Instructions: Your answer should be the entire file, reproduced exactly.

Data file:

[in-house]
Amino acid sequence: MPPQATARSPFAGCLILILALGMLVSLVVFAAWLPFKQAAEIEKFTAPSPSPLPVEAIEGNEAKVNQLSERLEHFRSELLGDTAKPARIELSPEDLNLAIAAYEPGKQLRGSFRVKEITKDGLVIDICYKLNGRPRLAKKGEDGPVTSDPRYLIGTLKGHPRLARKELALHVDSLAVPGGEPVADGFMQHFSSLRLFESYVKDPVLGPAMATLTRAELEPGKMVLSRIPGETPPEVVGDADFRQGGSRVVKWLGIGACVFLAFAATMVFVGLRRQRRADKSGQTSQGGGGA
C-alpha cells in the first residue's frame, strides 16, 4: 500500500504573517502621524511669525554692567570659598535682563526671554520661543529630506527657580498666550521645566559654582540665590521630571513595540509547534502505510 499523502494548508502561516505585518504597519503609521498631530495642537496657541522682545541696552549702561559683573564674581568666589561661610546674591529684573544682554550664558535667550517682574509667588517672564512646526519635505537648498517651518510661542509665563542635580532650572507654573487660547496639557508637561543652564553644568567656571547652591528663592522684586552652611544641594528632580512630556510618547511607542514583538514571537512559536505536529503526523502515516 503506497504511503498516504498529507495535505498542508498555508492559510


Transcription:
[in-house]
Amino acid sequence: MPPQATARSPFAGCLILILALGMLVSLVVFAAWLPFKQAAEIEKFTAPSPSPLPVEAIEGNEAKVNQLSERLEHFRSELLGDTAKPARIELSPEDLNLAIAAYEPGKQLRGSFRVKEITKDGLVIDICYKLNGRPRLAKKGEDGPVTSDPRYLIGTLKGHPRLARKELALHVDSLAVPGGEPVADGFMQHFSSLRLFESYVKDPVLGPAMATLTRAELEPGKMVLSRIPGETPPEVVGDADFRQGGSRVVKWLGIGACVFLAFAATMVFVGLRRQRRADKSGQTSQGGGGA
C-alpha cells in the first residue's frame, strides 16, 4: 500500500504573517502621524511669525554692567570659598535682563526671554520661543529630506527657580498666550521645566559654582540665590521630571513595540509547534502505510 499523502494548508502561516505585518504597519503609521498631530495642537496657541522682545541696552549702561559683573564674581568666589561661610546674591529684573544682554550664558535667550517682574509667588517672564512646526519635505537648498517651518510661542509665563542635580532650572507654573487660547496639557508637561543652564553644568567656571547652591528663592522684586552652611544641594528632580512630556510618547511607542514583538514571537512559536505536529503526523502515516 503506497504511503498516504498529507495535505498542508498555508492559510